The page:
IP High Court Decision: Japanese Patent Right Enforceable Even If Part of the Infringement Takes Place Outside Japan
In the patent infringement lawsuit of Dwango v. FC2 and HPS, the Intellectual Property High Court (IPHC) held that even if part of the infringing act takes place outside Japan, the Japanese patent right would be effective if certain requirements were met, and thus found infringement of the patent rights (Japanese patent No. 4734471) by FC2 (July 20, 2022; Heisei 30 (Ne) 10077).
Dwango is the patentee of Japanese patents Nos. 4734471 and 4695583 which include claims related to computer programs. Dwango sued FC2 and HPS for infringement of these patent rights. However, since the allegedly infringing computer program was distributed from a server in the U.S. to users located in Japan, it was disputed whether the act of distribution constituted the “provision” of a computer program under Art. 2(3)(i) of the Japanese Patent Law.
In its decision, the IPHC stated that concerning an invention transmitted over a network: “If the formality that the act of provision in question must be completed entirely within the territory of Japan is required for patent infringement to be established, then a person who attempts to work such an invention could easily escape liability for patent infringement by, for example, moving some facilities such as servers out of the country. In today’s digital society, where many useful network-related inventions exist, it would be extremely unjust to allow such evasive behavior. On the other hand, even if the formality that all the elements of the working of a patented invention are completed in the territory of Japan is not met; if, from a substantive and overall viewpoint, it can be evaluated as having been done in the territory of Japan, it is understood that the aforementioned principle of territoriality is not violated if the Japanese patent right is given effect to such an act.”
The IPHC listed the following as circumstances that should be taken into account in assessing whether the provision of the patented invention in question was made within the territory of Japan from a substantive and overall viewpoint:
- The provision is not clearly and easily distinguishable between the part of the provision that takes place outside the territory of Japan and the part that takes place inside the territory of Japan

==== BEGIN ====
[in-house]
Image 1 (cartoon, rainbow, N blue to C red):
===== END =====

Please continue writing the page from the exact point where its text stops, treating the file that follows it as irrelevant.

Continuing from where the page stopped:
- The control of such provision is carried out in the territory of Japan (in the present case, by users)
- The provision is directed to customers located in the territory of Japan
- The effect of the patented invention obtained by such provision is realized in the territory of Japan
This decision would greatly improve the enforceability of patent rights for computer program inventions. However, it should be noted that some cloud computing systems etc., where the majority of the invention is to be implemented on a foreign server, are outside the scope of this decision. Therefore, we should continue to pay attention to such cases.
In a related case (Heisei 30 (Ne) 10077; both plaintiff and defendants are the same as the above case), which is currently under trial at the IPHC, third-party opinions are now being solicited on the following issues:
- In the invention of a system comprising of a server and multiple terminal devices, if the server is produced and exists outside Japan, should it be considered as “production” under Art. 2(3)(i) of the Japanese Patent Law, which is an act of working the invention?
- If we take the view in 1. above that it can be considered as “production,” what requirements are necessary?
This is the first time “Japanese Amicus Briefs” are being solicited and is based on the recent law amendment enacted in April 2022 which allows amicus curiae briefs for patent infringement litigation cases, and so this case has been attracting much attention. The period for submission of such briefs is from September 30, 2022 to November 30, 2022.
(Published October 6, 2022)
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